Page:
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The Glorious Cause: The American Revolution, 1763-1789 / Edition 1

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The first book to appear in the illustrious Oxford History of the United States, this critically acclaimed volume—a finalist for the Pulitzer Prize—offers an unsurpassed history of the Revolutionary War and the birth of the American republic.

Beginning with the French and Indian War and continuing to the election of George Washington as first president, Robert Middlekauff offers a panoramic history of the conflict between England and America, highlighting the drama and anguish of the colonial struggle for independence. Combining the political and the personal, he provides a compelling account of the key events that precipitated the war, from the Stamp Act to the Tea Act, tracing the gradual gathering of American resistance that culminated in the Boston Tea Party and "the shot heard 'round the world." The heart of the book features a vivid description of the eight-year-long war, with gripping accounts of battles and campaigns, ranging from Bunker Hill and Washington's crossing of the Delaware to the brilliant victory at Hannah's Cowpens and the final triumph at Yorktown, paying particular attention to what made men fight in these bloody encounters. The book concludes with an insightful look at the making of the Constitution in the Philadelphia Convention of 1787 and the struggle over ratification. Through it all, Middlekauff gives the reader a vivid sense of how the colonists saw these events and the importance they gave to them. Common soldiers and great generals, Sons of Liberty and African slaves, town committee-men and representatives in congress—all receive their due. And there are particularly insightful portraits of such figures as Sam and John Adams, James Otis, Thomas Jefferson, George Washington, and many others.

This new edition has been revised and expanded, with fresh coverage of topics such as mob reactions to British measures before the War, military medicine, women's role in the Revolution, American Indians, the different kinds of war fought by the Americans and the British, and the ratification of the Constitution. The book also has a new epilogue and an updated bibliography.

The cause for which the colonists fought, liberty and independence, was glorious indeed. Here is an equally glorious narrative of an event that changed the world, capturing the profound and passionate struggle to found a free nation.

The Oxford History of the United States
The Oxford History of the United States is the most respected multi-volume history of our nation. The series includes three Pulitzer Prize winners, a New York Times bestseller, and winners of the Bancroft and Parkman Prizes. The Atlantic Monthly has praised it as "the most distinguished series in American historical scholarship," a series that "synthesizes a generation's worth of historical inquiry and knowledge into one literally state-of-the-art book." Conceived under the general editorship of C. Vann Woodward and Richard Hofstadter, and now under the editorship of David M. Kennedy, this renowned series blends social, political, economic, cultural, diplomatic, and military history into coherent and vividly written narrative.

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Editorial Reviews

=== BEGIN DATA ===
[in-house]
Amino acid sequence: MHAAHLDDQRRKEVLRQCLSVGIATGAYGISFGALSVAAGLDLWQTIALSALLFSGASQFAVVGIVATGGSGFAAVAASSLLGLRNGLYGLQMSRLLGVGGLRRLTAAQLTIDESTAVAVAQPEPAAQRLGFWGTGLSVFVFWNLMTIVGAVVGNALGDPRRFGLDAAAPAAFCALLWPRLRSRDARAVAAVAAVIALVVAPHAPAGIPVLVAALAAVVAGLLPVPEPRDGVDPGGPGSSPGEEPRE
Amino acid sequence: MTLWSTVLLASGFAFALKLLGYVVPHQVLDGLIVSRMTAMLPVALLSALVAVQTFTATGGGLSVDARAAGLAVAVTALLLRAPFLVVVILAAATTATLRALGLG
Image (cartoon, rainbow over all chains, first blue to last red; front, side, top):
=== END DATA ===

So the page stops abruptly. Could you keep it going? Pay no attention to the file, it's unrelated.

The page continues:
From the Publisher
"This is narrative history at its best, written in a conversational and engaging style.... A major revision and expansion of a popular history of the American Revolutionary period."—Library Journal

"A tour de force. Middlekauff has the admirable ability to capture historical truths in vivid images and memorable phrases.... Middlekauff's empathy enhances this massive book's cumulative power. The cause was glorious; the book is too."—Dennis Drabelle, Washington Post Book World

"The reader in search of a wide-ranging overview of the Revolution would be better off turning to any number of earlier books (from Trevelyan's classic 'American Revolution' to more recent works like 'The Glorious Cause' by Robert Middlekauff)."—Michiko Kakutani, The New York Times, in a review of 1776

Acclaim for the First Edition:
"One of the best one-volume accounts of the Revolutionary war."—The New York Times

"A striking success. Middlekauff is both elegant and eloquent. Whether he is describing the making of British policy, or sketching the character of Washington or Pitt, or explaining why Daniel Morgan positioned the American troops at Hannah's Cowpens so retreat would be impossible, he does in a few paragraphs or pages what others might struggle through a chapter to get right."—The New Republic

"A first-class narrative history. There is probably no history of the Revolution that better combines a full account of the military course of the war with consideration of all the other forces shaping the era." —The Philadelphia Inquirer

"Middlekauff's energy and clarity often make us read as eagerly as if we did not know how this struggle will come out."—The New Yorker

"Writing with a grace and clarity that recall Samuel Eliot Morison, Middlekauff gives us classic entry into the critical period of American history." —The Los Angeles Times

"His narrative account goes along at a fast pace. He moves with agility from profound political and philosophical disputes of the period to the scenes of battle and the problems of military strategy. A welcome addition to the history of the Revolution." —The Washington Post Book World

"First-rate narrative history—one can hardly imagine a better one-volume introduction to the period. Graced with plentiful illustrations, gracefully written and long enough (at nearly 700 pages) to afford ample attention to detail, this book is highly recommended to the general reader." —Newsday

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Product Details

  • ISBN-13: 9780195315882